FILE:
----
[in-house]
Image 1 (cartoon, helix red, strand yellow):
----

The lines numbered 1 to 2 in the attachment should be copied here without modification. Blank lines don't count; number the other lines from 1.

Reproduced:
[in-house]
Image 1 (cartoon, helix red, strand yellow):